The log was sliding out of the bushes by the island. The two men were digging carefully and the log was turning. It did not point at Lok and Fa but upstream, though it began to move across river towards them. There were many new things in the hollow of the log; shapes like rocks and bulging skins. There were all kinds of sticks, from long poles without leaves or branches to sprays of withering green. The log came close.

At last they saw the new people face to face and in sunlight. They were incomprehensibly strange. Their hair was black and grew in the most unexpected ways. The bone-face in the front of the log had a pine-tree of hair that stood straight up so that his head, already too long, was drawn out as though something were pulling it upward without mercy. The other bone-face had hair in a huge bush that stood out on all sides like the ivy on the dead tree.

There was hair growing thickly over their bodies about the waist, the belly and the upper part of the leg so that this part of them was thicker than the rest. Yet Lok did not look immediately at their bodies; he was far too absorbed in the stuff round their eyes. A piece of white bone was placed under them, fitting close, and where the broad nostrils should have shown were narrow slits and between them the bone was drawn out to a point. Under that was another slit over the mouth, and their voices came fluttering through it. There was a little dark hair jutting out under the slit. The eyes of the face that peered through all this bone were dark and busy. There were eyebrows above them, thinner than the mouth or the nostrils, black, curving out and up so that the men looked menacing and wasp-like. Lines of teeth and seashells hung round their necks, over grey, furry skin. Over the eyebrows the bone bulged up and swept back to be hidden under the hair. As the log came closer, Lok could see that the colour was not really bone white and shining but duller. It was more the colour of the big fungi, the ears that the people ate, and something like them in texture. Their legs and arms were stick-thin so that the joints were like the nodes in a twig.

Now that Lok was looking almost into the log he saw that it was much broader than before; or rather that it was the two logs moving side by side. There were more bundles and curious shapes in this log and a man lay among them on his side. His body and bone was like the others but his hair grew on his head in a mass of sharp points that glistened and looked hard as the points on a chestnut case. He was doing something to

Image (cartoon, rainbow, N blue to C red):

one of the sharp twigs and his curved stick lay beside him.

The logs sidled right into the bank. The man at the back - Lok thought of him as Pine-tree - spoke softly. Bush laid down his wooden leaf and caught hold of the grass of the bank. Chestnut-head took his curved stick and twig and stole across the logs until he was crouched on the earth itself. Lok and Fa were almost directly above him. They could smell his individual scent, a sea-smell, meat-smell, fearsome and exciting. He was so close that any moment he might wind them for all he was below them and Lok inhibited his own scent in sudden fear, though he did not know what he did. He reduced his breathing till it was the merest surface and the very leaves were more lively.

Chestnut-head stood under them in the sun pattern. The twig was across the curved stick. He looked this way and that round the dead tree, he inspected the ground, he looked forward again into the forest. He spoke sideways to the others in the boat out of his slit; soft twittering speech; the whiteness quivered.

Lok felt the shock of a man who has trusted to a bough that is not there. He understood in a kind of upside-down sensation that there was no Mal face, Fa face, Lok face concealed under the bone. It was skin.